A Conversation with Elaine Yan Ling Ng
Architecture and design author and writer Catherine Shaw talks to textile weaver and designer Elaine Yan Ling Ng, and Founder and Design Director of The Fabrick Lab, who explains how she is reinventing waste eggshell as eco-friendly wall tiles and why Tetley’s builder’s tea is her favourite.
Elaine, you always seem to be carrying a heavy bag. Do you carry your work around with you?
Yes, when I first started working I had a trolley bag with me at all times, stuffed full of interactive samples, a UV pen, an Arduino and some shape memory actuators just in case there was an opportunity to show my designs. Nowadays my Louis Vuitton Neverfull canvas tote holds my laptop, chargers, at least two notebooks, a scarf and always some chocolate. I like to be ready for anything and everything.
Textiles are your lifeblood. Do you have a favourite item of clothing?
My grandpa’s cardigan. He bought it on one of his first visits to England, before I was born, and I remember him wearing it in his office when I was a child. It is a British brand called Jaeger, and cashmere, and I’ve worn it so much it has holes.
Do you have a signature scent?
Le Labo’s Bergamote 22. It was specially developed for the Park Hyatt Bangkok, and I buy their candles for my home too.
Do you have a favourite space at home?
I like to sit on my balcony, which overlooks the sea. I eat breakfast and drink a cup of tea watching gigantic container ships float past.
What do you do for inspiration?
I am fascinated with traditional crafts, like a colourful toy I recently found in Chongqing. It’s frustrating not being able to feed my soul through travel. I have started feeling quite digitally intoxicated.
Have you found a sanity saver during COVID?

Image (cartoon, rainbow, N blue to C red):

Pre-mixed Catmurai cocktails made by Nick Tse and Ayako Miyake of Bar Buonasera in Hong Kong. Ayako draws wonderful labels featuring a cute cat. And they deliver, so I also send them as gifts to friends.
Which is your favourite design era?
Art Deco. It’s very defined and geometric and influenced everything from architecture and fashion to cars and ocean liners – even vacuum cleaners. My favourite Art Deco building is in Shanghai’s Remin Park and was constructed in 1933 as a racecourse clubhouse.
What has been your most surprising creative experience?
In 2006, doing research at Central Saint Martin’s library I came across a book on shape memory polymers and their application to smart textile products written by Jinlian Hu and Xiaoming Tao, professors from the Institute of Technology and Clothing at the Hong Kong Polytechnic University. I was fascinated by the properties of this unknown fibre, and when I got in touch with them they were friendly and supportive. They even sent me samples. I explored how a fibre could be electrified and move and have its own memory for retaining its original form, which led to my 2012 TED Talk, Naturology, Secret Life of Textiles in Edinburgh. Interest in the talk inspired me to start my own studio.
What is the best creative gift you’ve made recently?
Last year when I was in Hong Kong and my husband was in Mainland China, I painted his initials on paper with my signature organic form and then embroidered them in very fine gold thread to create a neon collage (below). The calligraphic form mimics the left and right sides of the heart and was a way to send him my love.
Do you have a favourite book or podcast?
My favourite book is ‘Gods and Kings: The Rise and Fall of Alexander McQueen and John Galliano’ by Dana Thomas. Their struggles feel very real to me. I listen to the ‘Material Matters with Grant Gibson’ podcast regularly. He interviews designers, makers and artists about their relationship with a material or technique, for example material researcher Alice Potts about her work with human sweat and turning food waste into bio-plastic.
Full-fat Heinz mayonnaise. I even take it with me when I travel.
What do you always take home?
Now that I no longer live in London, I always bring back Tetley teabags. I love the simple everyday Tetley Original Tea that the British call builder’s tea, because it makes a good, strong cuppa.
Is there any product you wish you had designed?